Guaiabero 15 cm; 62–77 g. Green above, yellowish-green below and on the rump and upper tail-coverts; bill bluish-grey; face and throat pale blue; narrow pale blue-collar; bend of wing blue; pale yellow band across undersides of secondaries.
Guaiabero Female has pale blue only on the throat, lores and cheeks; has yellow collar and yellowish rump, both with small but noticeable black crescent markings.
Immature like a female, bill paler. Races differ mainly in the general tone of coloration, and in the tone and extent of blue on the head and narrow collar.
Editor’s Note: This article requires further editing work to merge existing content into the appropriate Subspecies sections. Please bear with us while this update takes place.
Four subspecies were recognized.
Bolbopsittacus lunulatus lunulatus Scientific name definitions
Bolbopsittacus lunulatus callainipictus Scientific name definitions
Bolbopsittacus lunulatus intermedius Scientific name definitions
Bolbopsittacus lunulatus mundaneness Scientific name definitions
SOURCE: CG Las Adventure
Editor’s Note: Additional distribution information for this taxon can be found in the ‘Subspecies’ article above. In the future, we will develop a range-wide distribution article.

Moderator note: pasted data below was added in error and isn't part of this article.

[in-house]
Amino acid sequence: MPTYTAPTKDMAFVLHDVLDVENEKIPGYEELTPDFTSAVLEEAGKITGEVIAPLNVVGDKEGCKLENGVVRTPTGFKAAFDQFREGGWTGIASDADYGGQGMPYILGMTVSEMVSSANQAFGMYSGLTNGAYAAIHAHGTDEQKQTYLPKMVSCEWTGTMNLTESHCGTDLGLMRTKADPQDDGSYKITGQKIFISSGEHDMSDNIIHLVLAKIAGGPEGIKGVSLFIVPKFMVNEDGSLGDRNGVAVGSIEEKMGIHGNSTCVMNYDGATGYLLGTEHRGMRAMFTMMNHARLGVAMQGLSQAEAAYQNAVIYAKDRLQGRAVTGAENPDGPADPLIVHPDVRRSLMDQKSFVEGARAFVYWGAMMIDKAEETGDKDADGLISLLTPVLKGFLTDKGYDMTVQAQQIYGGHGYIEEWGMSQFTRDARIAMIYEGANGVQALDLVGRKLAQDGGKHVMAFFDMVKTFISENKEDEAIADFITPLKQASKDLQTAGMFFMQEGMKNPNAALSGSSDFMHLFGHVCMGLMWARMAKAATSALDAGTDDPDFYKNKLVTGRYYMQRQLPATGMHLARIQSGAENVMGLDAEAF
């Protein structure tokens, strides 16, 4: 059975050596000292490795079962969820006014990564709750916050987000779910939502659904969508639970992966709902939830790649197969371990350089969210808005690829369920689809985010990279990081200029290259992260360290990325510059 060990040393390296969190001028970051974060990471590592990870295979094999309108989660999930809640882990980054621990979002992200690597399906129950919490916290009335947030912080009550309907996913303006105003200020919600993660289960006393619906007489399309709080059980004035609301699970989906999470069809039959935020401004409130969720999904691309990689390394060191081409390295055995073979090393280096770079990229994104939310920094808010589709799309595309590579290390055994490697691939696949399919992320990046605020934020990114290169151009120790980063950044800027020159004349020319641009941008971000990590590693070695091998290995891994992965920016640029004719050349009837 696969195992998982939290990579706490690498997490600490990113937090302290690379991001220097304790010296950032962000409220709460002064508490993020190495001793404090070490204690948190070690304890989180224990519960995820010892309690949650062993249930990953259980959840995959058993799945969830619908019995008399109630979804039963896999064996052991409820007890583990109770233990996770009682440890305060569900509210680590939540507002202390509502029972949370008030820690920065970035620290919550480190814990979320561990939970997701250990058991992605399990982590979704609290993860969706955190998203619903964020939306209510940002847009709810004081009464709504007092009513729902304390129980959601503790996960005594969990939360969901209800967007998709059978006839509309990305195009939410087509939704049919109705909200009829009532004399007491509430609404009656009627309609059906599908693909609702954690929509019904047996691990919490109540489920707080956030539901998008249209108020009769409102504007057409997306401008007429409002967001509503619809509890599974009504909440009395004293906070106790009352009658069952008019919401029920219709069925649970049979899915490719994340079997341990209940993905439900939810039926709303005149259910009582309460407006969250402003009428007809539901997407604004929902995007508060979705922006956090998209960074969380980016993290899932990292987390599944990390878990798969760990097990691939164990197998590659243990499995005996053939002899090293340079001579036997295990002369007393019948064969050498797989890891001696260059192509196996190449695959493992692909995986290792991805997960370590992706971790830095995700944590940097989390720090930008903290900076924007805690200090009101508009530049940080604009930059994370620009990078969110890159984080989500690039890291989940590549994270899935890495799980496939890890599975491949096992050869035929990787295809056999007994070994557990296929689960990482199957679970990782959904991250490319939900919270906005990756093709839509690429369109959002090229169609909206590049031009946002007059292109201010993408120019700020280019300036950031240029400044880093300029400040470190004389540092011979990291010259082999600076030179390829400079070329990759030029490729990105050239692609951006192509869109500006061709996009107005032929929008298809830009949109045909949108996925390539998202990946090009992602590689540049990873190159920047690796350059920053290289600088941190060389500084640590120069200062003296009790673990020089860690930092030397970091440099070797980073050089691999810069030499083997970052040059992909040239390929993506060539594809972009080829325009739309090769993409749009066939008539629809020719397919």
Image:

Forest and forest edge, secondary growth, clearings with scattered trees, orchards, and mangroves.
Diet and Foraging
Guaiabero seeds and fruit, fruits of vines and cultivated trees including guava, from which its name derives; forages along with vines and limbs of trees. Generally found feeding below 1000 m.
Sounds and Vocal Behavior
Guaiabero Calls include high-pitched short thin whistles, given either singly or in short series, such as “tsee” or “tse-tsee-tseet”. In the latter case, sounds like a short song strophe of a passerine.
Starting to reach a breeding condition in Mar.
Not globally threatened. CITES II. Usually considered fairly common throughout a fairly limited range; regularly recorded at Angat Watershed Forest, in the area of a reservoir to serve Manila.